Protect your pets from animal attacks

GREENFIELD — Aimee Prunier was at her Greenfield home when her 3-year-old orange tabby cat ran outside to the backyard.

A few hours later on that July 4 night, Prunier heard piercing screeches that sounded like an animal fight. When Prunier rushed outside, she found her cat, Tai, lying on the grass, wounded and bleeding.

Tai died in Prunier’s car as she attempted to rush him to the Veterinary Emergency and Speciality Hospital in South Deerfield.

Veterinarians said the bite wound could have been caused by either a raccoon or fisher attack.

“It only takes that one time,” Prunier said. “If your pet escapes at night, go out and find him.”

Earlier that same week, Hershey, a 6½-year-old miniature dachshund, had also been playing outside her Hadley home at around 9 p.m. when her owners, Cathleen Robinson and Raymond Brown, heard a dog yelping and barking.

After finding Hershey injured, Robinson and Brown saw a coyote run behind the garage. They rushed Hershey to the Veterinary Emergency and Speciality Hospital, where, due to the severity of her injuries, they made the call to let her go.

“We miss her so much,” said Robinson, whose eyes fill with tears as she recounts the loss.

The pet owners shared their experiences with local media to warn others about the dangers of letting pets roam at night.

While local police and the state Environmental Police do not have statistics on how often pet attacks from wild animals occur, such attacks on small pets do occur.

In Greenfield, the animal control officer Calin Giurgiu said this year the town had at least two attacks from a fisher, a member of the weasel family.

Dr. Erika Mueller, owner of the South Deerfield veterinary hospital, said she rarely sees coyote attacks on pets, with more frequent confirmed cases of attacks by bears and fishers.

“The biggest problem is we don’t know what injured most of them,” Mueller said.

Dr. Danielle Thomas, the Emergency and Critical Care Department head at the South Deerfield emergency hospital, said wild animals can be found anywhere from the urban areas of Greenfield and Northampton to the rural towns of Rowe and Colrain.

“Any time it is dark out, you have to assume something could happen,” Thomas said.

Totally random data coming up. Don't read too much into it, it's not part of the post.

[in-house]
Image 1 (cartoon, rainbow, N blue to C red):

Amy Mahler, assistant press secretary for state Executive Office of Energy and Environmental Affairs, offered tips for keeping pets safe.


The most basic tip is to keep pets inside after dark.

For coyotes, in particular, Marion Larson, chief of information and education for the state’s Division of Fisheries and Wildlife, recommended that owners of small dogs should be outside with them because coyotes are unlikely to attack when humans are involved, with just five documented attacks in Massachusetts in 50 years.

Thomas said dogs should be kept on leashes anytime it is dark out when they can’t be watched.

“When it is dark out, wild animals will feel safe coming out,” Thomas said.

“Although free roaming pets are more likely to be killed by automobiles than by wild animals, we suggest a leash to keep pets restrained,” Mahler said.

Often, wild animals, like coyotes, foxes or fishers, view cats and dogs as competition for food or prey.

Other tips from the state Department of Fish and Game:

∎  Do not feed wildlife, which can alter the animal’s normal behavior.

∎  Do not feed pets outdoors, which can attract other animals to your door.

∎  Keep trash and garbage around your yard contained and picked up. Unsealed trash attracts wildlife, which is most active at night.

∎ Remove bird feeders, which can attract small wild animals like chipmunks, which in turn attract the larger wild animals.

For more information, visit the state Department of Energy and Environmental Affairs at:

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